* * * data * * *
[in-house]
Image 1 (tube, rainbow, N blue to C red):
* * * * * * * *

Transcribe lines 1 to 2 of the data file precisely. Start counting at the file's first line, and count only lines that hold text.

[in-house]
Image 1 (tube, rainbow, N blue to C red):